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Kerry Peace Plan Shakes up Jordanian-Palestinian Relations

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The seriousness of the U.S.-initiated framework for a possible solution to the Israeli-Palestinian problem appears to have shaken dormant relations in the region, including in Jordan.

The Palestinian-Jordanian relationship, which is experiencing its highest degree of cooperation and mutual trust, is being put to the test.

The challenges facing this important relationship stem from identity issues that have plagued Jordan for decades but which have been pushed under the rug.

Jordanian politicians, pundits, journalists and even government officials are expressing different degrees of concern and worry regarding the aftermath of U.S. Secretary of State John Kerry plan, even though information about the plan is very sketchy.

The potential of solving the Israeli-Palestinian conflict has resurrected badly needed discussion about political reform, which was delayed until the resolution of the Palestinian cause.

The refugee issue is perhaps the most important part of this discussion. Two million registered refugees in Jordan are the biggest single group of Palestinian refugees in the world. Their case is even more complicated by the fact that they are also full Jordanian citizens, though not equitably represented in Parliament as a result of large-scale gerrymandering.

Murmurings began on websites and social media, and from former Jordanian officials, including former prime minister Marouf Bakhit, who requested that a Jordanian representative attend the ongoing U.S.-led talks to ensure that Jordanian rights are preserved.

The issue of Palestinians in Jordan was also included in the discussions about the rights of Jordanian women to pass on citizenship to their children.

A promise by the government to a parliamentary coalition led by Madaba MP Mustafa Hamarneh to give civil rights to children of Jordanians provoked angry responses from East Bank Jordanians who fear that this will cause a shift in the sensitive demographics of Jordan.

Respected columnist Fahed Fanek picked up on the issue saying, without substantiation, that the idea of giving temporary or permanent passports to Palestinians caused the emptying of the West Bank.

The discussion, however, was further escalated when members of Parliament demanded a briefing from the government on the progress of the peace talks.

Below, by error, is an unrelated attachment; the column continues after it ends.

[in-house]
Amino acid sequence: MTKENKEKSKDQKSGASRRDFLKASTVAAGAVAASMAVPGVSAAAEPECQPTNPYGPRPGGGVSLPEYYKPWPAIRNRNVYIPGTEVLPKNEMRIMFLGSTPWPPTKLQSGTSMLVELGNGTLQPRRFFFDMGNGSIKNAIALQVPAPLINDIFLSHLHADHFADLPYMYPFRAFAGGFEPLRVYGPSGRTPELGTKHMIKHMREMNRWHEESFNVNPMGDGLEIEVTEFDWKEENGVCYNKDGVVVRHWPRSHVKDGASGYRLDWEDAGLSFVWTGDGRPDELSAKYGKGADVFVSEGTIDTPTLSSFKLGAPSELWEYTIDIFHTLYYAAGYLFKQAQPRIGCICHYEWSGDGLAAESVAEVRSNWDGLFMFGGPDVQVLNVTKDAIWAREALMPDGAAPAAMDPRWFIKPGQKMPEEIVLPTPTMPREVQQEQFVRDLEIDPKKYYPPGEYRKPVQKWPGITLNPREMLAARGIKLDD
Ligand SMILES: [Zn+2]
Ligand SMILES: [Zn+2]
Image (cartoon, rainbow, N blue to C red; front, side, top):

Minister of Foreign Affairs and Expatriate Affairs Nasser Judeh gave a general briefing about Jordan's key interests in the peace talks, but this did not please the MPs who wanted more details.

Prime Minister Abdullah Ensour came to the podium and surprised parliamentarians by questioning the transparency of the Palestinian side vis-à-vis the Jordanian counterparts.

Ensour said that Jordanians are afraid of a Palestinian surprise, a hint to the fact that Jordan, like many others, was caught totally by surprise when the Oslo back channel produced the 1993 Israeli-Palestinian memorandum of understanding.

Although he praised Palestinian President Mahmoud Abbas, the media picked on Ensour's questioning of the Palestinian openness to Jordan.

Ensour's claim, however, was quickly responded to by Palestinian Foreign Minister Riyad Al Malki.

In an interview, portions of which were broadcast on Radio Al Balad in Amman, Malki insisted on the fact that Palestinians are totally open and transparent with Jordan.

He said that Palestinian president briefs His Majesty King Abdullah regularly and completely. However, Malki hinted to the possibility that the problem might be within Jordan.

"What the King chooses to relate to his government is not our business," he concluded.

Malki's statement on the radio produced some angry remarks from some Jordanians.

Former head of the Royal Court, Riyad Abu Karaki, wrote on his Facebook page that Malki's statements were inappropriate.

He used the Arabic word "eib" (shame) to describe the hints at the disconnect between the palace and the government.

There is no doubt that the national identity issues confronting Jordanians if and when the Palestinian issue is resolved are daunting.

Real political reform and an equitable share to all citizens, which has been postponed for years, will not be justified any further.

While the late King Hussein's memorable quote that Jordan is for its citizens, irrespective of origin, remains the guiding principle for the way forward, many fear that the interests of some Jordanians who have benefited from the central government for decades will be washed away once the need for equity among all citizens become the rule.